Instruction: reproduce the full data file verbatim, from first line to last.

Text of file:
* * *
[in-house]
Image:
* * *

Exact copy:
[in-house]
Image: